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Procrastination, days off lead to long lines at tax office

POSTED: December 9, 2008 5:00 a.m.
SARA GUEVARA/The Times

Lead tag clerk Judy McClure helps Dong Tran, left, a machine operator from Gainesville, fill out a check to pay property taxes Monday at the Hall County tax commissioner's office. Monday was the deadline to pay property taxes in Hall County without incurring penalties.

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Those who paid their property taxes Monday most likely were greeted with a long line of like-minded procrastinators.

At the tax commissioner’s office in downtown Gainesville, Hall County residents formed a line down the hall to turn in their property tax payments, which were due Monday.

Tax Commissioner Keith Echols said the crowd was bigger than it usually is on the due date.

"We got a long line waiting to pay taxes, and they’re faxing stuff in and phones are ringing and everything," Echols said.

Echols thinks a few factors contributed to the large crowds.

"It just seems like this year with the economy the way it’s been ... people not having the money to pay early probably is another reason (the line is) so long."

Hall County offices were closed Wednesday, the day before Thanksgiving, as part of a new mandatory furlough for all county employees.

Echols said he thinks many people likely did not realize that his office would be closed the extra day, leaving only two days for people to pay taxes last week.

"That day having to take off last Wednesday was rough. Thursday and Friday was bad enough, but having to take Wednesday off because of that furlough day made it worse," Echols said.

Reuben Brock said he was unaware of the Wednesday furlough.

"I came in twice (last week) and they were closed," Brock said while waiting in line Monday at the downtown tax office. "It was inconvenient for me."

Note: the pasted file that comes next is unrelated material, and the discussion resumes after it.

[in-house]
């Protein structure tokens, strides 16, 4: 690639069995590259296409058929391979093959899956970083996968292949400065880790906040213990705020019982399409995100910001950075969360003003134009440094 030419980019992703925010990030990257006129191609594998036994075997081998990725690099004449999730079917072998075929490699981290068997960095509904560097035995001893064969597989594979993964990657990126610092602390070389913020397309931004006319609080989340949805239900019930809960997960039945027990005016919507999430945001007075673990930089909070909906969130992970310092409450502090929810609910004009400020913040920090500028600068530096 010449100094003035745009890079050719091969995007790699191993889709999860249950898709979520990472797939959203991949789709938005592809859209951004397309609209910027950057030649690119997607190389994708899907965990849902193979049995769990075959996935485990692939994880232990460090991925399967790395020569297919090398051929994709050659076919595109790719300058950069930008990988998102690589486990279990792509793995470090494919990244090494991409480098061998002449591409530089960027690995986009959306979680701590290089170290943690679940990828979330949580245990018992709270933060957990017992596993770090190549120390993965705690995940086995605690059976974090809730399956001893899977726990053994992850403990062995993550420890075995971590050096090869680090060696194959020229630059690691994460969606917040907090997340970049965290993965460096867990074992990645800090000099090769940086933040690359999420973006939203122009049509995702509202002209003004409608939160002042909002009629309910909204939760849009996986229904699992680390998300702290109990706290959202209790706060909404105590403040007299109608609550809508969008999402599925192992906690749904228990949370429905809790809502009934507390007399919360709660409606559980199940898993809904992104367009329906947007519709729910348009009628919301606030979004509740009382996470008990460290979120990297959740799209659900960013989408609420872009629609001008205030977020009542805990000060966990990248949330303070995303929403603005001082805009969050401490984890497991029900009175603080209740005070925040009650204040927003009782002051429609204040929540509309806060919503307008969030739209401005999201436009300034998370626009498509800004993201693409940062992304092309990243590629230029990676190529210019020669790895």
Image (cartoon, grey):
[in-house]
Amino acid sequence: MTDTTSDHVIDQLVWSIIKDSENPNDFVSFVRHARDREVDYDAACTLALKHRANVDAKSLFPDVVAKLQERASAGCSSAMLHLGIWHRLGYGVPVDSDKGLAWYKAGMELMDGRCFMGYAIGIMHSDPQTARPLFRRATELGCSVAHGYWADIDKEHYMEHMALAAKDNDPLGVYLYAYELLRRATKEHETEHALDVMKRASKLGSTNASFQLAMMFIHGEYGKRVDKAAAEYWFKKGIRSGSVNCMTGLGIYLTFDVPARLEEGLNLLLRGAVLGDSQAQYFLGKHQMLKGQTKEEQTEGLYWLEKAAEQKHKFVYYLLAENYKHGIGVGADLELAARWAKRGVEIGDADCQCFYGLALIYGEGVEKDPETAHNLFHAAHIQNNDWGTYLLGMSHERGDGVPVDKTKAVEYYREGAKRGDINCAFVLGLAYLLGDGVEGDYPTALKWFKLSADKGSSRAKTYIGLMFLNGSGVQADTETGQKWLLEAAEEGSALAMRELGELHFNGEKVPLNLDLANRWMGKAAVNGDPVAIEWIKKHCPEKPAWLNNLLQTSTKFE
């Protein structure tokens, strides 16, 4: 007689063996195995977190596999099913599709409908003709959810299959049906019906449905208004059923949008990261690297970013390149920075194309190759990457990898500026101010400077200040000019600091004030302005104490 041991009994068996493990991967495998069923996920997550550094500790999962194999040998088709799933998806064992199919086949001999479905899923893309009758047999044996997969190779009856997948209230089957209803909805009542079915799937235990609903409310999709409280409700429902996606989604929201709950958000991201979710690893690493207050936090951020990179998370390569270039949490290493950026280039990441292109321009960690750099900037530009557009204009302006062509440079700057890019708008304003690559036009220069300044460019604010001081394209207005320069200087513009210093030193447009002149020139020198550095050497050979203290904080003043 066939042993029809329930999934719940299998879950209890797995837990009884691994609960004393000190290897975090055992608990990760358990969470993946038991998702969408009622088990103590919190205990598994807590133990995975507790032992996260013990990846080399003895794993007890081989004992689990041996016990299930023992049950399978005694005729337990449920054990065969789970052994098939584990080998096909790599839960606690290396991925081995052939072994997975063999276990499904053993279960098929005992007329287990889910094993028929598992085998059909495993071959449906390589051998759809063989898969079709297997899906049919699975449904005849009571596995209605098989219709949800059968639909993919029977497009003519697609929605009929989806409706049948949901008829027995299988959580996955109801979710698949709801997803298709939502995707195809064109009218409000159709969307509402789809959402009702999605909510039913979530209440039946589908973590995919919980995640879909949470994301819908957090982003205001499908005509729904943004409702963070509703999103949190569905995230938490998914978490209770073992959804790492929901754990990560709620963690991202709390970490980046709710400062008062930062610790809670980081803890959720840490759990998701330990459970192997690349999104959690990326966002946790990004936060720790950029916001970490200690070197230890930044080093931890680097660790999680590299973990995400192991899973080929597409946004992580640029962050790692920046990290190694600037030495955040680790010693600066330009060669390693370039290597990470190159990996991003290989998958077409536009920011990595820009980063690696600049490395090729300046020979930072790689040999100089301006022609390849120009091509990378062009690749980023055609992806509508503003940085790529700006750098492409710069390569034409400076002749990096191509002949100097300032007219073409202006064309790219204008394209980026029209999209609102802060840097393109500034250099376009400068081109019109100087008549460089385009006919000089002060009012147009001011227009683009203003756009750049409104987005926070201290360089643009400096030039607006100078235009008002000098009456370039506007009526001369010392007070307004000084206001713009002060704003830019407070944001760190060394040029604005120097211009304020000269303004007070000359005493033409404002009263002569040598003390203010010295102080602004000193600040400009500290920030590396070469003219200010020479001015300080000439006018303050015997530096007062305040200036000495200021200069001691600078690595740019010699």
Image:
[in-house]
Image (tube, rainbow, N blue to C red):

But Judy Ciccarone, also waiting in line Monday to pay her taxes, said she expected the tax commissioner’s office to be closed around Thanksgiving.

"I know they weren’t going to be open then," Ciccarone said, even though she was not aware of the furlough.

Some of the people waiting to pay taxes Monday said the due date crept up on the heels of Thanksgiving, making it easy to forget.

Betty Allen said she usually likes to pay her taxes early, but was waiting in line at the tax commissioner’s office Monday after realizing the due date had arrived.

"Until I got the paper this morning I had forgotten," Allen said.

Brock said though he did not intend to pay his taxes on the last day, he thinks a lot of people do it intentionally.

"A lot of people hold their money," he said.

Nimisha Patel said she likes to pay her property taxes in two parts, and always pays the remaining amount on the last day.

"That way you don’t have to pay a whole lump at the end of the year," she said.

Benito Bonilla Guzman said Monday while waiting in line that he prefers to pay his tax bill with a credit card to "keep the cash for an emergency."

Taxes were due Monday, and Echols said a 1 percent interest rate will be added every month until the balance is paid. After 90 days, 10 percent interest will be charged.

"As long as everything is postmarked (Dec. 1), there will be no interest," Echols said.



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